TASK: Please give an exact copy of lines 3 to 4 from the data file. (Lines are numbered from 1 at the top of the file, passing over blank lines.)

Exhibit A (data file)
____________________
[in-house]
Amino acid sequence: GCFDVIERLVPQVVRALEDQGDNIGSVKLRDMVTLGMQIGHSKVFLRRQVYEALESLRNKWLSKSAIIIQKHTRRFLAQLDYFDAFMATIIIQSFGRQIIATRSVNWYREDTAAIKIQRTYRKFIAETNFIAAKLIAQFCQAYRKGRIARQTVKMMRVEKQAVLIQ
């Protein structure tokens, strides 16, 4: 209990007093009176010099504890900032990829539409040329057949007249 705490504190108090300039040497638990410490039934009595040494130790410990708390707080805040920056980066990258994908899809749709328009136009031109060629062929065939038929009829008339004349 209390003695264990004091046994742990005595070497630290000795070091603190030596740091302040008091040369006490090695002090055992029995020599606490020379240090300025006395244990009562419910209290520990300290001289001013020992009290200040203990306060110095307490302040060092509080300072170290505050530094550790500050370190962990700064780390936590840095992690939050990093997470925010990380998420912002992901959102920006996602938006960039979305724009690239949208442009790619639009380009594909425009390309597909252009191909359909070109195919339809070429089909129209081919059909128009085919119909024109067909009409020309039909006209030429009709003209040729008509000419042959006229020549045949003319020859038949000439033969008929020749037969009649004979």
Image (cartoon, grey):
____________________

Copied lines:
């Protein structure tokens, strides 16, 4: 209990007093009176010099504890900032990829539409040329057949007249 705490504190108090300039040497638990410490039934009595040494130790410990708390707080805040920056980066990258994908899809749709328009136009031109060629062929065939038929009829008339004349 209390003695264990004091046994742990005595070497630290000795070091603190030596740091302040008091040369006490090695002090055992029995020599606490020379240090300025006395244990009562419910209290520990300290001289001013020992009290200040203990306060110095307490302040060092509080300072170290505050530094550790500050370190962990700064780390936590840095992690939050990093997470925010990380998420912002992901959102920006996602938006960039979305724009690239949208442009790619639009380009594909425009390309597909252009191909359909070109195919339809070429089909129209081919059909128009085919119909024109067909009409020309039909006209030429009709003209040729008509000419042959006229020549045949003319020859038949000439033969008929020749037969009649004979």
Image (cartoon, grey):